Appeals Court Overturns Sexual Assault Conviction Following Inappropriate Testimony | Content reserved for subscribers

A Douglas County judge mistakenly let an expert witness vouch for the credibility of a child victim, prompting the state Court of Appeals to overturn the defendant’s sexual assault convictions.

Joseph Ramirez was sentenced to 16 years to life based on his 2018 trial for allegedly repeatedly sexually abusing a child. There were no witnesses to the reported assaults and Ramirez denied the allegations.

Ramirez challenged his convictions based on testimony a licensed clinical social worker provided at trial. A three-judge panel for the Court of Appeals noted that expert witness testimony can help the jury better understand the evidence in a case, particularly a case involving the psychological implications of sexual assault in the childhood.

“But our appellate courts have long held that where expert testimony breaches the boundary of jury education and instead comments on the truthfulness of an accuser, the testimony is ‘patently inadmissible,'” wrote Judge Timothy J. Schutz in the opinion of February 17.

During Ramirez’s trial, the social worker explained why child victims may not fully disclose their abuse and explained how sexual assault can affect a child’s brain. The jury then asked about the social worker’s experience with children making false accusations and wondered how often this scenario occurs.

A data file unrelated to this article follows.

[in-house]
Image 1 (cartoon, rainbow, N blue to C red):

The social worker replied that the children she sees for treatment “have already gone through a process of investigation and have been determined to be substantiated in terms of the allegations.”

She asked if she should continue further, and District Court Judge Shay K. Whitaker allowed her to answer “as you feel the need to.” The social worker continued to talk about studies involving false accusations by children.

“In those cases,” she said, “there was a number that was about 2.5% of children who had made a — where there was an allegation made and it was found that the child had intentionally made this (false) claim, and in the subsequent study about 1.5%.”

The appeals panel found two problems with allowing these responses at trial. First, his comments suggested that there was a process to weed out unsubstantiated allegations from children. Second, by testifying that studies have shown that between 1.5% and 2.5% of children make false accusations, it meant that the jury had a 97.5% to 98.5% chance of correctly convicting Ramirez.

Schutz said the error should have been “obvious” to the judge and the attorneys handling the case. Given the lack of physical evidence of an assault, Ramirez’s conviction rested largely on whether the jury believed the alleged victim had told the truth.

“We conclude that this testimony significantly undermined the fairness of Ramirez’s trial and created serious doubt about the reliability of the jury’s guilty verdicts,” Schutz wrote. “As a result, judgments of conviction based on these verdicts cannot stand.”

Another Court of Appeals panel reached a similar conclusion last month in a Jefferson County case. In this case, the expert witness told a jury that she had only seen children who had first spoken with forensic investigators and whose allegations were found to have merit. Since the jury had already heard from the alleged victim’s forensic investigator, the Court of Appeal held that the jury could logically believe that the victim’s charges had merit based on the selection process.

Ramirez is now entitled to a new trial. The case is People c. Ramirez.

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